Successful living is nothing more or less than the art of the mastery of dependable techniques for solving common problems. The first step in the solution of any problem is to locate the difficulty, to isolate the problem, and frankly to recognize its nature and gravity. The great mistake is that, when life problems excite our profound fears, we refuse to recognize them. Likewise, when the acknowledgment of our difficulties entails the reduction of our long-cherished conceit, the admission of envy, or the abandonment of deep-seated prejudices, the average person prefers to cling to the old illusions of safety and to the long-cherished false feelings of security. Only a brave person is willing honestly to admit, and fearlessly to face, what a sincere and logical mind discovers.
The wise and effective solution of any problem demands that the mind shall be free from bias, passion, and all other purely personal prejudices which might interfere with the disinterested survey of the actual factors that go to make up the problem presenting itself for solution. The solution of life problems requires courage and sincerity. Only honest and brave individuals are able to follow valiantly through the perplexing and confusing maze of living to where the logic of a fearless mind may lead. And this emancipation of the mind and soul can never be effected without the driving power of an intelligent enthusiasm which borders on religious zeal. It requires the lure of a great ideal to drive man on in the pursuit of a goal which is beset with difficult material problems and manifold intellectual hazards.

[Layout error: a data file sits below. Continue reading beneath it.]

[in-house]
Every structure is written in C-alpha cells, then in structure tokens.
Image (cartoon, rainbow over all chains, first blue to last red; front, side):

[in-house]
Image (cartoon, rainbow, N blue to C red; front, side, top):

Even though you are effectively armed to meet the difficult situations of life, you can hardly expect success unless you are equipped with that wisdom of mind and charm of personality which enable you to win the hearty support and co-operation of your fellows. You cannot hope for a large measure of success in either secular or religious work unless you can learn how to persuade your fellows, to prevail with men. You simply must have tact and tolerance.
But the greatest of all methods of problem solving I have learned from Jesus, your Master. I refer to that which he so consistently practices, and which he has so faithfully taught you, the isolation of worshipful meditation. In this habit of Jesus' going off so frequently by himself to commune with the Father in heaven is to be found the technique, not only of gathering strength and wisdom for the ordinary conflicts of living, but also of appropriating the energy for the solution of the higher problems of a moral and spiritual nature. But even correct methods of solving problems will not compensate for inherent defects of personality or atone for the absence of the hunger and thirst for true righteousness. (160:1.7)
Do not be so slothful as to ask God to solve your difficulties, but never hesitate to ask him for wisdom and spiritual strength to guide and sustain you while you yourself resolutely and courageously attack the problems at hand. (91:6.5)
“My brethren, you must all learn the value of rest and the efficacy of relaxation. You must realize that the best method of solving some entangled problems is to forsake them for a time. Then when you go back fresh from your rest or worship, you are able to attack your troubles with a clearer head and a steadier hand, not to mention a more resolute heart. Again, many times your problem is found to have shrunk in size and proportions while you have been resting your mind and body.”(143:3.3)
Problem-solving is an activity which will likely never end—either here, or in our eternal careers. The advice given above should be read carefully, and followed to the best of your ability."